Our primary goal in the present study was to evaluate the ability of endogenous tachykinins to evoke bradycardia through stimulation of cholinergic neurons in the isolated guinea pig heart. Because selective stimulation of afferents supplying the intrinsic cardiac ganglia was not feasible, we used capsaicin for global activation of afferents containing CGRP and the tachykinins (8) and CGRP-(8—37) for blocking responses to CGRP (7, 27). Desensitization of tachykinin receptors with NKA was performed to determine if responses were mediated by endogenous tachykinins, because our previous work established that this procedure eliminates responses to administration of SP and NKA (18).
MATERIALS AND METHODS
Isolated heart preparation.
Male Hartley guinea pigs (350–450 g) were pretreated with 500 U of heparin before undergoing decapitation while anesthetized with pentobarbital sodium (75 mg/kg ip). The heart was rapidly removed and placed in ice-cold perfusion buffer to enable cannulation of the ascending aorta. After flushing the heart with 5 ml of cold buffer, it was transferred to an isolated heart apparatus for perfusion by a modification of the Langendorff technique (4). The perfusion solution was a modified Krebs-Ringer bicarbonate buffer (pH 7.35–7.4) of the following composition (in mM): 127.2 NaCl, 4.7 KCl, 2.5 CaCl2,, 1.2 KH2PO4, 1.2 MgSO4, 2.0 sodium pyruvate, 5.5 dextrose, and 0.1% BSA. A Masterflex peristaltic pump (Cole Parmer, St. Louis, MO) was used to perfuse spontaneously beating hearts at a constant rate of 8 ml/min. Buffer in the reservoir was continuously gassed with 95% O2-5% CO2. The temperature of the buffer was maintained at 37°C. Cardiac contractions were measured by attaching one end of a silk suture to the apex of the heart and the other end to an isometric force transducer. Diastolic tension on the heart was adjusted to ∼1 g. Output from the force transducer was sent to a Gould Universal amplifier and a Gould Biotach amplifier to monitor ventricular contractions and heart rate, respectively, with a Gould 2400 recorder. Because perfusion rate was held constant, perfusion pressure was monitored as an indicator of coronary vascular resistance. This parameter was recorded using a pressure transducer that was attached to the sidearm of a three-way stopcock located at the proximal end of the aortic cannula. Experiments were started after a 40-min stabilization period.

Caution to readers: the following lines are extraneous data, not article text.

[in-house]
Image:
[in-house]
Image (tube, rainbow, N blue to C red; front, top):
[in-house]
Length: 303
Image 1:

To evaluate inotropic responses in the absence of rate changes, hearts were paced in some experiments using an SD9 stimulator (Grass Instruments, Quincy, MA). Pacing wires with platinum needle electrodes were attached to the right atrium and apex of the heart. Stimulation parameters were 2 V, 10-ms duration, and 2-ms delay at a frequency to clamp heart rate at ∼50 beats/min above the spontaneous rate. The perfusion rate was increased to 12 ml/min during pacing to keep the amplitude of ventricular contraction at a level near that observed during spontaneous beating.
Preparation and storage of drugs.
NKA, human α-CGRP, ACh, CGRP-(8—37), neostigmine methyl sulfate, and atropine were dissolved in saline. Capsaicin was dissolved in saline with 10% ethanol. Aliquots of CGRP, CGRP-(8—37), and capsaicin were stored at −80°C. Neostigmine methyl sulfate, atropine, and ACh were weighed and diluted before each experiment. CGRP and CGRP-(8—37) were diluted with saline that contained 0.1% BSA. Capsaicin was diluted with saline.